By Jim Schutze
By Rachel Watts
By Lauren Drewes Daniels
By Anna Merlan
By Lee Escobedo
By Eric Nicholson
She spotted her blind date right away: the clean-cut guy in the black T-shirt that said Special Forces.
Kristen Rhoad had first come into contact with Phil Haberman on Match.com in December 2003. One screen name he favored was 19thSFguy--an allusion to his role in Army Special Forces. A self-described adrenaline junkie who loved everything from "skydiving to swimming with sharks," Haberman listed his income as $50,000 to $75,000 a year and claimed he didn't party, smoke or drink.
He sounded honorable, manly, stable.
Everything that Rhoad, 38 and between jobs, was looking for--and everything that had eluded her so far in serious relationships. Rhoad worked as a legal secretary in Las Vegas to support herself and her 13-year-old daughter Heather. When times were lean, though, like they were now, Rhoad resorted to waiting tables or dancing as "Sedona" at a strip club.
Soon after they met in a casino restaurant, Rhoad and Haberman were chatting like best friends. Haberman, born and raised in Dallas, said he rarely talked to his family "because they didn't believe anything he said." His new home was Key West.
Haberman said he'd joined the Marines in 1989 but had been forced to leave in 1998 after a diving accident almost cost him his life. After his recovery, Haberman said, he'd joined Army Special Forces and was now a sniper and a crypto-linguist, trained in technology to decipher foreign languages.
Listening to his military exploits, Rhoad felt drawn to Haberman, then 31. Short, with big brown eyes and crew-cut brown hair, the soldier had a teddy-bearish quality but carried himself with confidence.
"He asked me what I wanted to do with my life--what my living situation was with my daughter, how long I had been divorced," Rhoad says. Haberman didn't ask her income, but quizzed her about other things: Did she own a house? Was it well-furnished? What about a boat?
When Rhoad said that she lived in a townhouse in a gated community and had two dogs, Haberman's eyes turned pleading. He'd volunteered to go to Iraq, and his dog Jake, a rare Dogo Argentino, needed a place to live while he was gone. "I'd be willing to pay you," Haberman said. Rhoad agreed to take Jake. It was the least she could do for a soldier going to war.
Days later, both Jake and Haberman had moved into her townhouse.
After about a month, an excited Haberman announced he had orders to report to Fort Bragg for training and deployment to Iraq. "He said, 'Let's get married,'" Rhoad says. He'd send her money for rent, plus she'd get military spouse benefits.
"I thought I was in love with him," Rhoad says. "He made me believe everything was perfect, he was going to take care of me."
Hours after they exchanged vows on January 10, 2004, at the Las Vegas courthouse, Haberman piled his belongings into his car. Rhoad was terrified for her new husband, but Haberman viewed it as his job to personally exterminate all the terrorists. As he headed off to North Carolina, Haberman promised to send her dead Iraqis' ears on a string.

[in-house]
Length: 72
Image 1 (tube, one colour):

Their hasty marriage, however, quickly hit the rocks. By March, when Haberman shipped out to Iraq, they were constantly fighting. Then in April, Rhoad got a call from Haberman, at a hospital in Germany. He said he'd gotten "blown up" by a rocket-propelled grenade while riding in a convoy. His leg and intestines were "messed up bad." Rhoad had been ready to end the marriage but felt she had to stand beside him.
For more than a year now, Haberman has been at Womack Medical Center at Fort Bragg on "medical hold" while undergoing treatment. He sports a Purple Heart "Combat Wounded" ribbon on the bumper of his car. In May 2004, WFAA-Channel 8 aired a story about wounded Special Forces soldier Haberman visiting the journalism class at his alma mater, Richardson High School. He'd written a series of stories about the war for the paper, which inspired the class to collect items to send to troops in Iraq.
Rhoad now believes Haberman married her to get increased benefits as a married soldier, though he kept most of the money for himself. Then Rhoad began to wonder: Was Haberman really in Special Forces? Was he really wounded in Iraq?
Because of privacy laws, confirming that a soldier was wounded in combat is difficult. When the Dallas Observer asked Haberman for permission to obtain his full military record, he refused. "I'm not going to have any feeling in my abdomen or in my left foot for the rest of my life!" Haberman snapped. "I didn't pay the ultimate price, but there are guys in my unit who did pay the ultimate price. This is an insult to them!"
A high-ranking officer who'd befriended Haberman called to defend him. "This is a witch hunt," said the officer, who asked not to be identified. A month later he was calling Haberman "full of half-truths."
Haberman, enraged that anyone would question his military credentials, nonetheless agreed to an interview on base at Fort Bragg, home of the 82nd Airborne and the Army Special Operations Command. Now seeking an annulment of their marriage, Haberman claims Rhoad is an "ID card chaser"--a woman who marries a soldier just for benefits--out to ruin his military career. He insists his job now is to "heal up" so he can return to fight in Iraq.